The Missoula City Council approved nearly $700,000 in housing and public improvement projects on Monday night, along with nearly $80,000 in service grants tied to funding awarded by the U.S. Department of Housing and Urban Development.

While councilors lamented the decrease in HUD funding this year over year’s past, they praised local services for their effort to end homelessness and bring food security to low-income residents.

“It’s a tragedy the funding has gone down,” said Ward 2 Councilman Jordan Hess. “It’s some of the most important federal funding we can receive. But I’m pleased to see what the different services do with this.”

The services that secured funding this year ranged from the YWCA, which received $17,000 for its emergency shelter program, and Garden City Harvest, which received $12,000 to maintain its community garden plots and provide 7,500 pounds of produce to the Missoula Food Bank.

The Missoula Food Bank also received $10,800 to provide backpack meals to children on weekends. Another $17,000 went to Missoula Aging Services to continue the Meals on Wheels program.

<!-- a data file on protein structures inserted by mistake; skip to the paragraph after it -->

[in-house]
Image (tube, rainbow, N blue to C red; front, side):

“This allows us to serve 38,000 meals to 228 clients in the city of Missoula who are low- to very-low income,” said Eileen Sansom, the agency’s chief programs officer. “It makes a huge difference in our clients being able to avoid a waiting list.”

Jean Harte, the grants administrator with the city, said nine grant applications were received through the Community Development Block Grant program, and four through the HOME Investment Partnerships program.

All but two requests were fulfilled, though not all agencies received the amount requested, she said.

“Requested amounts exceeded the city’s anticipated allocations from HUD,” said Harte.

Homeword Inc. emerged as this year’s largest grant recipient, taking home $485,000 to purchase land in the Old Sawmill District and build a new 26-unit apartment for low- to moderate-income residents.

The project, expected to break ground this year, will be the first to land in the Old Sawmill District. The city spent roughly $12 million to transform the district from an industrial site to a new urban center complete with a 12-acre park.

So far, however, no development has taken place, though that will change when Homeword breaks ground on Sweetgrass Commons.

“It includes one-, two- and three-bedroom units,” Julie Stiteler, housing project manager with Homeword, told the City Council. “It’s the only affordable housing program for the Old Sawmill District, which has received quite a bit of city support.”

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